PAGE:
Some context comes from a study published last fall by the Center for Applied Research in the Apostolate (or CARA), charting the decrease in the population of women’s religious orders, to less than 50,000 today, from their peak of 181,421 sisters in 1966.

In postwar America, “a vocation to a religious life was one of the few ways for Catholics without resources to get an education and to exercise leadership,” said Mary Gautier, a senior research associate at CARA.

Yet even at the peak, a vocation to a contemplative order was pretty rare. (Active or apostolic nuns, by contrast, follow a service ministry out in the world, in teaching or health care, for example.) “Their purpose is very special,” Dr. Gautier said.

Paradoxically, it’s the Internet and, increasingly, social media that have helped replenish the Summit sisters and other orders, with blogs like A Nun’s Life and elegant websites like the one Sister Mary Catharine built for her order using Squarespace.

You can search the phrase, “How to be a nun” and find substantive answers. An Ohio order invites you to text your queries.

One sister looked at the Summit blog for two years before she got in touch. (Sister Mary Catharine put the blog up in 2004 without permission from the prioress. “I knew I couldn’t explain what a blog was without actually making a blog,” she said. Permission was quickly granted, she added.) Communities have Twitter feeds that you can follow, and Facebook pages.

In 1991, when Sister Mary Catharine entered the Summit monastery, she was 22 and the next youngest sister was 39. Back home in Massachusetts, where she was still known as Sharon Perry and working as a pharmacy technician, there was no one she knew who was even contemplating a contemplative life.

Raised Catholic, Sister Mary Catharine had spent two years as a teacher in an active order in her home state; she was stunned to be called to a cloistered community in Summit, N.J. “Of all places,” she said. “It was the ‘80s, this non-time. Lots of big sleeves and hair.” But after a visit to the Summit monastery, Sister Mary Catharine couldn’t shake the pull of the place.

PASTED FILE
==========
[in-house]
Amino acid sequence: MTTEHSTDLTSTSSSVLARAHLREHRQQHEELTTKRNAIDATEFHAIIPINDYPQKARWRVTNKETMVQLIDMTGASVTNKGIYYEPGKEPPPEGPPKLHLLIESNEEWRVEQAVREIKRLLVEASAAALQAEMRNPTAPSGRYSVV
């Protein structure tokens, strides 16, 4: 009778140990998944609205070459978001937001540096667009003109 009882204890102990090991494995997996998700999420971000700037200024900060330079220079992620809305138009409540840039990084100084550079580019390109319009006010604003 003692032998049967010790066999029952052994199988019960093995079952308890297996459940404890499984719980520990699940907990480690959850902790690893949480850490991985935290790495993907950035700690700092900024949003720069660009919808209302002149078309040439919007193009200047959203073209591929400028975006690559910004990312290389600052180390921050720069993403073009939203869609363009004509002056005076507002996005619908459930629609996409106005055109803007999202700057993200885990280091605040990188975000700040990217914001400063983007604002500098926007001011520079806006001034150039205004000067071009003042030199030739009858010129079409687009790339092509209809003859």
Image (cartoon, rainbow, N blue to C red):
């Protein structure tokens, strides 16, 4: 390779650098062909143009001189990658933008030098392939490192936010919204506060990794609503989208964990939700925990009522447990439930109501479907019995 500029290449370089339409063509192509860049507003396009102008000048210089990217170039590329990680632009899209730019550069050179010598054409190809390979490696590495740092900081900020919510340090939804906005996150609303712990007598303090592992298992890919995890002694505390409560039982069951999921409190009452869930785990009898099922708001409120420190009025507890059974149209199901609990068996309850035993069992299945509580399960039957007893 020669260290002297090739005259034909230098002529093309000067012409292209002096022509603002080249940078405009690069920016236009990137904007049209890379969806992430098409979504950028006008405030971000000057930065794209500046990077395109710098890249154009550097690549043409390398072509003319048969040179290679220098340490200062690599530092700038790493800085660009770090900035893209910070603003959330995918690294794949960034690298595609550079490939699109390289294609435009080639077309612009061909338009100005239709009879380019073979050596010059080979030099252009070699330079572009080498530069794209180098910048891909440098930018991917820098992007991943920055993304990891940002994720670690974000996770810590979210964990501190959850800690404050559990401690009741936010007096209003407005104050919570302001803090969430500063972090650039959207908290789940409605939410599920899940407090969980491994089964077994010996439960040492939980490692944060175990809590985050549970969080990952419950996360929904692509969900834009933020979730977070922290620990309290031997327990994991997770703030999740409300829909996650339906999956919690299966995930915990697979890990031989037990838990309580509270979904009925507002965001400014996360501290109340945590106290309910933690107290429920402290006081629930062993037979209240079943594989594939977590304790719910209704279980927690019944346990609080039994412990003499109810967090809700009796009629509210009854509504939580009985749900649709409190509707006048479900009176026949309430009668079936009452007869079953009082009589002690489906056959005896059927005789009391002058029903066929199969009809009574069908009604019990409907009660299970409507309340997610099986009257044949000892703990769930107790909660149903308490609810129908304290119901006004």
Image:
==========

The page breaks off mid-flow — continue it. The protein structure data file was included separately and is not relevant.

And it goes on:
Now, she is mentoring six women under the age of 30; this summer, she welcomed four aspirants, three of them in their 20s. “You now have a whole generation that’s been given so much,” Sister Mary Catharine said, pondering the recent flurry of inquiries to the monastery.

“With all the technology, I think they’re just saturated,” she said of the curious. “And they see this life as really radical and they have a desire for it. Maybe their families are fractured and they see our life as really stable. Of course, people come to it from all different places. One of the friars told me his novice master decided to become a friar because friars had their own bedrooms and he hated sharing a room with his brothers at home. That is why he came, but it’s not why he stayed. If God is calling, you can’t be happy doing anything else.”

It was YouTube that figured into the discernment process of another novice.

Sister Maria Teresa, who took her final vows here last year, was a junior at Drew University majoring in religious studies and biology when she felt the call to some sort of service. Cloistered life was not on her list of life choices, though she was considering a religious vocation in an active order.